In Japanese when you are counting things you can do it by using an extension of the verb like「Aが・3つ～ある」or you can be specific about the number of things that exists as「3つのAが・ある」and there is usually no difference between both, but you can only express delimitation with the second structure. For example in the movie「七人の侍」"The seven samurai" the specifics of this group can only be expressed by the second structure because these are not any seven samurais, they are these seven ones and not more, not others.
「部屋に三つ椅子があります」is that kind of structure with a の being omitted「部屋に三つの椅子があります」. Without context, it would mean the same as the other structure.
三つ 【みっつ】just mean three things, ～つ is the counter for things as you are counting chairs. The system is called Wago while the other one you probably has seen as in いち、に、さん、よん is the Kango system
Here is a good article about this:
One of the comments I was replying to has a great explanation! TyrantRC breaks it down nicely. Basically this is a more informal version of the speech, omitting the の particle. :) so Duolingo is showing us an exception rather than a rule. Which confused the absolute hell out of me lol.
it's not really wrong but you are stressing a contrast between the chairs that are in the room and other possible items, this sounds weird for Japanese people unless there is some context behind.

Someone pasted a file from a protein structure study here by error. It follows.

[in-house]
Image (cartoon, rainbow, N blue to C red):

Whenever you are using ある to indicate possession or existence, the usual thing is to mark the "be-er" with が in this case the thing that's being in the room is the chairs. Since the Japanese ear is expecting a が there, if you use は the contrast is more apparent and while this can be done on purpose on certain sentences, this one sounds generic enough to me to not be needed.
If you are still confused, take for example the sentence「椅子がある」this is the most basic sentences you can do with ～がある、it means "there are chairs", then you add a counter to be specific to how many ones you have「3つの椅子がある」this means "there are chairs to the point of three", then you add the location or topic to be explicit on what you are talking about「部屋に3つの椅子がある」"in the room, there are chairs to the point of three".
「椅子は部屋に3つあります」means "as for chairs (and not other things) there are three in the room" and it gives the feeling that maybe you just counted the tables or something else.
The seemingly arbitrary requirement for the の particle in this exercise is ridiculously confusing. This was by far the worst lesson I've done on Duolingo to date.
The explanation here is clear and seems authoritative: http://www.yesjapan.com/YJ6/question/959/is-it-common-to-use-the-no-particle-with-counters
I believe your sentence is a valid one, but the phrasing feels like you're stressing the chairs rather than what's in the room. (Which may be what you're after.) Yours sounds like: "As for chairs, in the room there are three of them." Duo's is more like: "In the room there are [the] three chairs."
Duolingo's translation seems to use a fixed list behind the scenes, so variations in phrasing -- even correct ones -- may or may not be accepted. Getting marked wrong doesn't mean you're wrong. (We can only hope, I guess, that the opposite isn't also true.)
To the best of my knowledge, で (when talking about a location) is used to talk about a location where an action is taking place. Existing isn't considered an action so you don't use で. If somebody can explain it more clearly that would be great. https://japanese.stackexchange.com/questions/60/particles-%E3%81%AB-vs-%E3%81%A7